LAPD Officers Fired for Playing Pokémon GO On the Job

The officers gained a Snorlax, but lost their jobs.
The officers gained a Snorlax, but lost their jobs. / Credit to Niantic

Two Los Angeles Police Departments officers have been fired for playing Pokémon GO rather than assisting a commanding officer during a robbery in progress, Axios reports.

An investigation found that Louis Lozano and Eric Mitchell, a pair of officers with a total of 28 years of service between them, had ignored a request by their commanding officer to assist them in handling an in-progress robbery at a nearby Macy's. The two officers opted instead to chase Snorlaxes and Togetics in Pokémon GO, and were caught doing so by the digital in-car video system (DICVS) dash cam. They were ultimately fired for that decision, and for attempting to lie to cover it up.

Newly published court documents provide details on the events as they unfolded:

"On their way to the Snorlax location, Officer Mitchell alerted Officer Lozano that 'a Togetic just popped up,' noting it was '[o]n Crenshaw, just South of 50th.' After Mitchell apparently caught the Snorlax—exclaiming, 'Got ‘em'—petitioners agreed to '[g]o get the Togetic' and drove off. When their car stopped again, the DICVS recorded Mitchell saying, 'Don’t run away. Don’t run away,' while Lozano described how he 'buried it and ultra-balled' the Togetic before announcing, 'Got him.' Mitchell advised he was '[s]till trying to catch it,' adding, 'Holy crap, man. This thing is fighting the crap out of me.'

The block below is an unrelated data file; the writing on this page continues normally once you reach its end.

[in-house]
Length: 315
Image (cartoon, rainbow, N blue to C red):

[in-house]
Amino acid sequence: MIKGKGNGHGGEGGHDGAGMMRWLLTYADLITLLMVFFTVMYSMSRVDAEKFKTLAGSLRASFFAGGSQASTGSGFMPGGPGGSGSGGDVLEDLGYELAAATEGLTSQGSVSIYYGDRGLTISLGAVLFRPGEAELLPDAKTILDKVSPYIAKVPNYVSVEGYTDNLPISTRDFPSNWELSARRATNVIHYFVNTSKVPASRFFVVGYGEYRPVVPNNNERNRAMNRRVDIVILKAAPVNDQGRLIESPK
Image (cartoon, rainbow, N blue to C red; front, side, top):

"'Eventually Mitchell exclaimed, 'Holy Crap. Finally,' apparently in reference to capturing the Togetic, and he remarked, 'The[ ] guys are going to be so jealous.' Petitioners then agreed to return to the 7-Eleven (where Sergeant Gomez later met them) to end their watch. On the way, Mitchell remarked, 'I got you a new Pokémon today, dude.'"

Representatives for Lozano and Mitchell filed a petition seeking to appeal their firing, arguing that use of the DICVS footage as part of the investigation violated protections on private conversations between officers. The appeal was denied Jan. 7.